"Thanks to this regular review, the DEP has adjusted assessment focus to evolve from basic structures to water, then streams, then wetlands, taking a deeper look at the watershed as a whole," Dr. Bain said. "The challenge is collecting sometimes limited data from various resources, as well as new types of data such as the interaction between groundwater and streams. This process is an evolving territory for everyone involved, from the Commonwealth and mining companies to public interest groups and NGOs, but it is vital research that has a tremendous impact on environmental remediation and restoration."

The fifth report, due August 20, 2019, will include sections on impacts to structures, , groundwater, streams, wetlands, and a list of recommendations presented to the Governor, General Assembly and Citizens Advisory Council, as well as through public hearings in Harrisburg and California, Pa.

"For this study we're a combination of auditors and researchers," Dr. Iannacchione explained. "But since the first assessment was completed in 1999, the process has not only given industry, government and non-government organizations a greater look at the impact of underground mining, but how the Commonwealth can better identify and address problems, and improve the DEP process as a whole."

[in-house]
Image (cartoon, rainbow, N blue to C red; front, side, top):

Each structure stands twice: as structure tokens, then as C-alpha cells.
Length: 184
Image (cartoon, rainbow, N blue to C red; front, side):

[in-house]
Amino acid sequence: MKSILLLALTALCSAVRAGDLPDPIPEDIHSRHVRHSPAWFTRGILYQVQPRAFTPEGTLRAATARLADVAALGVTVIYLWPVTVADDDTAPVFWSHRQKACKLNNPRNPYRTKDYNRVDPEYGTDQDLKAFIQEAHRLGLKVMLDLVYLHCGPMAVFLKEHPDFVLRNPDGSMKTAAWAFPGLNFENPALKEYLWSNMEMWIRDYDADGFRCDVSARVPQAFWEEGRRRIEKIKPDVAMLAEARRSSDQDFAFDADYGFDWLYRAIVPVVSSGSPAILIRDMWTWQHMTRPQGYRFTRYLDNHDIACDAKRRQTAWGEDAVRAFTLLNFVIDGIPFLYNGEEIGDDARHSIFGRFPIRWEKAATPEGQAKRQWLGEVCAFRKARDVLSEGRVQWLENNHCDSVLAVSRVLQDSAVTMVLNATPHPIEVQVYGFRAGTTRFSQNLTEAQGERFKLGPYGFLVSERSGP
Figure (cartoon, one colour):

As part of the DEP research, Pitt biology faculty and students conduct field work to determine the total biological scores (TBS) of undermined streams, evaluating conditions including stream flow and species recovery. Approximately eight hours of laboratory work to identify the genus and species of life forms is needed for every one hour of field work. Credit: Anthony Iannacchione/University of Pittsburgh

Explore further: Coal mining reduces abundance, richness of aquatic life

Related Stories

Coal mining reduces abundance, richness of aquatic life

April 18, 2018

Coal mining, under current US regulations, has significantly reduced the abundance and variety of fish, invertebrates, salamanders, and other aquatic life in streams, according to a new study from the University of Tennessee, ...

Australian mining tycoon blasts coal seam gas

August 28, 2011

Australian mining tycoon Clive Palmer on Saturday hit out at the country's growing coal seam gas industry, saying there were concerns it could lead to environmental contamination.

Recommended for you

Fish-inspired material changes color using nanocolumns

March 20, 2019

Inspired by the flashing colors of the neon tetra fish, researchers have developed a technique for changing the color of a material by manipulating the orientation of nanostructured columns in the material.

Researchers shed new light on the origins of modern humans

March 20, 2019

Researchers from the University of Huddersfield, with colleagues from the University of Cambridge and the University of Minho in Braga, have been using a genetic approach to tackle one of the most intractable questions of ...

One transistor for all purposes

March 20, 2019

In mobiles, fridges, planes – transistors are everywhere. But they often operate only within a restricted current range. LMU physicists have now developed an organic transistor that functions perfectly under both low and ...

0 comments

Please sign in to add a comment. Registration is free, and takes less than a minute. Read more

Click here to reset your password.
Sign in to get notified via email when new comments are made.